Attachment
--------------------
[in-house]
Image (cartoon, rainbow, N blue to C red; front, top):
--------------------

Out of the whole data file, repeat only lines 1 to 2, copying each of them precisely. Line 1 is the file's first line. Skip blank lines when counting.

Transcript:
[in-house]
Image (cartoon, rainbow, N blue to C red; front, top):